QR Code contains TinyURL of this article.Island Life

Port Mooar near Maughold in the Isle of Man
Port Mooar near Maughold in the Isle of ManCredit: . License: CC BY-SA 3.0

As 2014 drew to a close, I received an intriguing email via LinkedIn, the business-oriented, social network. This one, like innumerable others, invited me to consider a new software development position.

However, this email didn’t follow the usual recruiter boilerplate. It came directly from the employer. It had a friendly tone. There was a little ego-boosting flattery. Most importantly though, it was obvious that the employer had actually considered my particular skill-set, a small detail you might think, but it makes a heck of a lot of difference to a company’s credibility in my eyes.1

There was also the tantalising suggestion of a relocation to the Isle of Man.


For the two years up to January 2015, I lived and worked in Manchester, England. I had never lived in a city centre, prior to moving there, and wanted to try the experience for myself. It is a great city, with a lot to do and see.

Manchester has an incredible industrial heritage and history. As a result, the city boasts some pretty cool architecture and artefacts, amongst which I strolled for hours. There are two world-class football (soccer) teams, Manchester United and Manchester City. The city also has a significant influence on British popular culture: on screen, in the musical sphere and in literature.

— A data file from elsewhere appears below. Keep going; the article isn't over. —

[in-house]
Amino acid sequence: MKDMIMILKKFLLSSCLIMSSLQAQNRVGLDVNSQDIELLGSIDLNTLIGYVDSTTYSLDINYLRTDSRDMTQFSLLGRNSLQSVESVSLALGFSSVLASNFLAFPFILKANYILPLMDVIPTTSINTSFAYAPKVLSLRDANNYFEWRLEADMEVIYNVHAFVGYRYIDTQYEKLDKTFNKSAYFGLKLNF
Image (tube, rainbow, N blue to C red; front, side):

One thing Manchester is lacking, however, is green space. It’s the cliched “concrete jungle” and one has to travel some way outside of the city in order find any open landscapes.

I missed the green spaces.


Like a lot of people, I’m drawn to the sea. Ever since I was a child, I’ve dreamed of living somewhere coastal. The joy of opening my curtains first thing in the morning and gazing out across a dramatic seascape was one that I never thought I’d be able to attain, outside of the occasional vacation. I love water-sports, boating, swimming, diving… and never miss an opportunity to get into the water. Furthermore, I’ve always wanted to learn to sail, something that’s pretty difficult to do in a landlocked metropolis. The sea then, played a large part in the life that I aspired to.

So, with this context, the prospect of relocating to the Isle of Man was incredibly appealing.


Isle of Man seascape
Peaceful NeighbourhoodCredit: . License: CC BY-NC-SA 2.0

The island is small: ~33 miles long, ~14 miles wide. It is in the middle of the Irish Sea, almost equidistant from England, Ireland and Scotland. It has a population of ~100,000. It’s a self-governing, British Crown Dependency. It relies on Britain for its defence and for its stake in some international affairs.

It’s principal claims to fame include: Tynwald, the oldest continuously governing parliament in the world; kippers and the Isle of Man Tourist Trophy or TT.


I’ve been here for a couple of months now (I arrived on the 16th January, 2015) — a blog entry is long overdue — time then to record some of my thoughts.

The IOM is incredibly beautiful. Most of the island is open, unspoiled, wild landscape. There’s a lot of green space here. I have settled in Douglas, the island’s capital (pop. ~30,000). It’s a small enough town that I can take a half-hour walk and be in the open countryside, or on a beach with nobody else in sight.

There is a strong sense of community here, people talk to each other and know each other’s business. Not long after I arrived, I had three cards from neighbours welcoming me to my new home. I lived in Manchester for two years and the most gripping interaction with my neighbours was a shared grunt of acknowledgement should our paths cross in the corridors of my building, or out on the streets.